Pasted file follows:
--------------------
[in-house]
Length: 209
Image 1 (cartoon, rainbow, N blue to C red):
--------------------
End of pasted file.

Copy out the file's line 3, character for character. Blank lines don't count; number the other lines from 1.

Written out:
Image 1 (cartoon, rainbow, N blue to C red):